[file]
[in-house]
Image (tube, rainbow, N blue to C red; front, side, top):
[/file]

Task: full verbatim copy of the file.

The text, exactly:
[in-house]
Image (tube, rainbow, N blue to C red; front, side, top):